College students engage in death talk over a cuppa

Published on: Author: Naomi Richards Leave a comment
Brian Hall and Solveiga Zibaite

Young people are not the usual attendees at Death Cafés. Perhaps this is because their youth makes death seem a remote prospect. Or because they are too busy trying to get a foothold in our precarious, zero-hours contract economy to spend too much time contemplating the hereafter.

Instead of pondering young people’s absence at such events, we decided to take the event to them to see what they would make of the format. And with fascinating results.

Brian Hall and Solveiga Zibaite

We organised two Death Cafés with HNC Social Services students from Dumfries & Galloway College in March 2018.

With the help of Brian Hall, a Lecturer at D&G College, we ran the first café at the College’s Crichton Campus. This is one of a number of collaborative events organised on the Campus involving the different institutional partners.

Fifteen students attended this first Death Café and the conversations were rich and poignant, as well as filled with laughter. Perhaps death and dying really is ‘everyone’s business’, as the public health model of palliative care would have us believe.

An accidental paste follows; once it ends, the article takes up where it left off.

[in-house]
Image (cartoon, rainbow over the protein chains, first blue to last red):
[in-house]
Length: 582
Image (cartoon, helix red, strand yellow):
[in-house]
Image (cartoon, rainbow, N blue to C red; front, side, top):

Some of the themes arising included how early childhood experiences of death can leave a lasting impression on us, miscarriage grief, fears of specific modes of dying (dementia featuring heavily), the loneliness and isolation that older people can experience at the end of life, and how and by whom we would want to be cared for. Some of the College students work in the care sector and care for older people with dementia, some of who had died in their care. Death was not a distant experience for these college students – either professionally or personally.

Solveiga Zibaite at the Dumfries and Galloway College in Stranraer

Solveiga Zibaite, PhD candidate and member of our Glasgow End of Life Studies Group, participated in the second Death Café at the Stranraer campus with a smaller group of students. Some of the topics discussed were the value of being present as a family member dies, preferred burial options, the personalisation of funerals, as well as the increasing importance of managing one’s digital legacy. This shows how important it is to consider the emerging ways in which death affects us.

After hearing about the event from Brian, some of the students said they thought a Death Café would be morbid. This is a fairly common reaction to the name ‘Death Café’. But the Death Café ethos is to reject the use of euphemisms which are so commonly used to promote awareness raising events on this topic.

Afterwards, the feedback from the attendees was overwhelmingly positive. One student said the experience was ‘cathartic’. The casual setting – a cuppa whilst rushing between classes – honest discussions, and lemon shortcake on the side, appeared to make for an uplifting experience. This experience indicates that the Death Café model can work for young people and can be a good reflexive educational tool.

Naomi Richards

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